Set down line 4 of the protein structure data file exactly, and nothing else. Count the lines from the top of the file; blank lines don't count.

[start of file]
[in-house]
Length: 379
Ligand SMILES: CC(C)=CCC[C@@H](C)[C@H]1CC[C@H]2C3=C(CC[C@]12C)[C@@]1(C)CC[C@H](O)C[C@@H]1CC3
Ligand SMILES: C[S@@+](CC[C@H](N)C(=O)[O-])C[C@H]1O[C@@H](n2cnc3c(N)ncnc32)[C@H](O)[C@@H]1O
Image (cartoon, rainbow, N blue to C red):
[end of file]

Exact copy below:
Ligand SMILES: C[S@@+](CC[C@H](N)C(=O)[O-])C[C@H]1O[C@@H](n2cnc3c(N)ncnc32)[C@H](O)[C@@H]1O